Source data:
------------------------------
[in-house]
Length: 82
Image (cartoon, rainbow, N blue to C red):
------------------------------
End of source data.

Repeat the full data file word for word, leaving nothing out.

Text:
[in-house]
Length: 82
Image (cartoon, rainbow, N blue to C red):